How many other brands are confident and brilliant enough to do this? Some b, ut nowhere near enough.

2. As you read the content, it feels like it is from a single person, despite it being the output of so many writers in so many places. That’s perhaps partly because of the legendary Writers Guide every journalist must follow but it’s more than that. It’s a celebration of their own humanity, of their emotion. Like The Borg, they’ve become one. They are smart but wear it lightly, with smart asides and witticisms; they are fair, honest even if it upsets, to the point. They know their collective personality precisely. It’s the ultimate demonstration of a unified culture.

3. The brand is the famous one, not the people. The people are invisible. It goes completely against industry conventions – it’s so radical and progressive, I’m shocked to hear it’s always been that way. Wikipedia tells me that the current editor says this is because “(the) collective voice and personality matter more than the identities of individual journalists” and reflects “a collaborative effort”.

4. They quaintly call it a ‘newspaper’. Despite the fact that it is more like a magazine. Despite the fact that newspapers have become so grotty. They wear the word like Marilyn Munroe would have worn a plastic bag.

And the funny thing is; I’m not sure they’ve ever really thought of themselves as a brand in the way that most brands would.

So the StartUp lessons are these:
It’s not just about targeting, it’s about anti-targeting: are you clear on who you are trying to alienate?
Avoid general personality words: what are your precise and distinct personality traits?
Are you killing conventions? Don’t just avoid conventions, undermine them, do the opposite.

Lastly, if you don’t already, you should subscribe because its breadth of cleverness will drag you from your StartUp bubble/cesspit and broaden your horizons and therefore inspire thinking that will make you better at your job.

What StartUps can learn from what’s wrong with the iPhone 6

StartUp Brand Vision
How conviction ultimately means more to any StartUp than chasing your customer

Apple’s iPhone 6 finally launched here in Singapore. Before we go any further: I so wanted one and we are a 10+ Apple product household. Certainly not boo boys.

I’d read the reviews and quite honestly I need to move beyond my iPhone 3 (I know! I’m so old skool…) I was even excited. I went down there on Day 3, which is pretty active for me. Queues, lots of touching, playing, discussion…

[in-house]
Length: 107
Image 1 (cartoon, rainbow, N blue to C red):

But what I saw disappointed me. So I didn’t join the queue. I thought I’d sleep on it. Cut to a few days later. My bus stop entertainment is ‘guess-the-phone-from-5-paces’. It was an iPhone but I couldn’t tell – and that’s with a beautiful back-lit bus stop 6-sheet next to me.

In the past, it was always easy spotting an iPhone. In recent years – since the decline of Motorola probably – everything else kind of looks the same. Like cars nowadays. The Wind Tunnel research effect, as BBH say: the way consumers in research create a generic average that all market participants follow; after all, who in the corporate world has the bravery to question research….

For the iPhone 6 it’s not just the size, it’s the shape as well. It looks like a phone not an iPhone. It’s been said that this was done for the Asian market. But did you see how many people queued in Shanghai for the previous iPhones?! The Asian market was perfectly capable of loving a unique Apple phone, they didn’t need it turned into the generic to get it.

Maybe they’ve got so big they think the only way to get bigger is to go more mainstream and therefore more generic. But rather then create a new generic (which for me is a key element of their brand coding), they follow what’s there. There’s a view that this is common problem that comes with scale, for example, with investment funds: you get too big to find the great stories, growth flattens, so despite being the market leader you have to follow the market. It’s inevitable, so that argument goes.

Whether they still overtly talk about it or not, much of the the Apple brand power and long-term loyalty/fanaticism is rooted in the spirit expressed by Think Different. It’s by people who think different. And it’s for people who think different. When Lee Clow’s (lovely bloke, spent some time with him when working on adidas) team at Chiat Day produced that ad, they didn’t just articulate a vision, they created a benchmark for the brand to always live up to.

For now though, this isn’t about the broader Apple brand. Not yet anyway. Apple still has a lot of brand reserves, goodwill it can trade on, chances it can therefore take. And I do believe it will do something that will live up to the brand spirit, something mind blowing and game-changing that reminds us why we loved them. Maybe it’s one of the features of the phone that will turn into a new amazing ecosystem, NFC being the most obvious candidate. Or maybe it’s the health play that was being talked about last year.

Despite it being big, glamourous, outrageously successful Apple, there are some clear, simple lessons here for any StartUp.

One, your brand needs to live in everything you do, every product, every touch-point, every experience. Otherwise, someone who should be in your Most Valued Customer segment (ie. in this case, people like me) will start the trash talk…and that soon gets around.
Two, there’s always, always going to be change. The big guys struggle and then the small guys have a chance…hello Xiaomi to name one of several. Brilliant. Be optimistic, you’re in with a shout.
Three, think different, think bold, think you don’t need to please anyone apart from your own majestic vision. That bloke who used to run Apple knew that.